Connect 2021: Virtually Possible Begins
April 27, 2021 by
This morning, we welcomed more than 5,000 energized public sector practitioners and leaders to Tyler Connect 2021: Virtually Possible. This first-ever virtual user conference kicked off with an opening session that celebrated attendees and their inspiring creativity, collaboration, and work ethic over the past year. These public sector innovators demonstrated over and over again what was “virtually possible” in a tumultuous time. Their accomplishments – and the indispensable work of their colleagues – showed us hope, progress, and adaptability.
Lynn Moore, president & CEO, Tyler Technologies and Jeff Puckett, chief operating officer, Tyler Technologies celebrate client innovation.
From the City of Orlando Police Department to the Saratoga Springs City School District in New York; the City of Santa Monica, California; Olathe, Kansas; the Superior Court of San Luis Obispo, California; and so many more, Tyler clients highlighted in the session shifted to remote operations, increased virtual services, enhanced citizen engagement, and otherwise accelerated technology innovations to meet new and urgent constituent needs.
As Lynn Moore, Tyler’s president & CEO, noted, “These innovations and investments are paving the way for the public sector to emerge from the pandemic transformed and in a stronger position.” Moore’s remarks included Tyler’s own pandemic shifts, including virtual implementations and an acceleration of cloud development to provide clients with the agility necessary to help them overcome evolving challenges quickly.
Jeff Puckett talks about the public sector’s cloud journey.
Tyler’s Chief Operating Officer Jeff Puckett was on hand to talk in more detail about the public sector’s move to the cloud, noting something that became apparent at the outset of the coronavirus pandemic: “Organizations that were already in the cloud had an advantage. Cloud technology provided seamless remote access to data and systems the minute buildings were closed.” Puckett’s remarks about Tyler’s own cloud journey – which has been in progress for more than 15 years – demonstrated how the cloud helps government software users in any role, as well as the communities they serve. Cloud benefits include more predictable budgets, reduced IT infrastructure expenses, enhanced security and disaster recovery, and easier compliance with federal standards like CJIS. “Cloud solutions,” noted Puckett, “also enable departments to use data as a strategic asset in the design, management, and delivery of innovative programs and services. These solutions create better connections between departments, across agencies and jurisdictions, and with citizens.”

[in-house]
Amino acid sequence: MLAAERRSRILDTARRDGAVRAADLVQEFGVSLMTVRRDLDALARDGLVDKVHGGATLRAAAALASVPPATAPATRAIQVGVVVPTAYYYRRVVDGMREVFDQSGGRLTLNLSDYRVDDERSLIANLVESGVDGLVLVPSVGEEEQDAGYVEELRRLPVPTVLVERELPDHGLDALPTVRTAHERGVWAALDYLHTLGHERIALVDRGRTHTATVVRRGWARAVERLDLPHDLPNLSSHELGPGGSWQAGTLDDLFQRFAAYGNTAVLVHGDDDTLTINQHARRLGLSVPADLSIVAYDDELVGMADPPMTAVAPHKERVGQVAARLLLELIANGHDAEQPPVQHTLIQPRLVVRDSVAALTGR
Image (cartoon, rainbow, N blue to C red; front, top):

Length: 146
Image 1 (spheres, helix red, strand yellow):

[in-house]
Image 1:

GovTech Stack and Connected Communities
Moore contextualized the cloud as an important component of a complete, modern government technology stack, which is simply a government’s digital foundation that agencies can build over time. “The GovTech Stack is the technical blueprint for how to get to Connected Communities,” Moore said. “Its components meet the needs of an evolving digital world, but, equally important, they support you by reducing complexity and making your jobs easier.”
Jeff Puckett, chief operating officer
Cybersecurity is another component of a complete GovTech Stack. A recent security report noted that cyberattacks on state and local governments are up 50% in the last three years. Extended work from home has increased cybersecurity risks. To stay ahead of the evolving threat landscape, Moore noted upcoming Connect cybersecurity sessions led by Matt O’Neill, U.S. Secret Service special agent and Dan Lohrmann, chief security officer at Security Mentor, Inc.
Data and the Future
Lynn Moore, president & CEO
In looking ahead to the future, Moore focused on data and what it can do. “During the pandemic,” he noted, “Buffalo, New York’s centralized COVID-19 hub for decision-makers and the public became an example to follow. The City of Los Angeles used data to fuel a food access map to serve increased need. Moving forward, data must be an integral part of all of a government’s operations.”
Breaking down silos and surfacing relevant data supports smarter decisions and better department and community outcomes. Whether it's finance, tax, permitting and licensing, or public safety, courts, justice partners and school systems, data ties it all together and creates the connections that solve problems.
In closing, Moore noted that, “Together, we can transform operations to solve problems and enhance performance, service, and growth. We can, together, reinforce more fair and equitable procedures. These things are ambitious and exciting. And they lead me to firmly believe that they best days are ahead of us.”
These three days of Connect will offer in-depth training sessions, high-profile industry and celebrity speakers, unique networking experiences, and some well-deserved opportunities for attendees to focus on their own health and wellness. Check back in this space daily during the event for more highlights.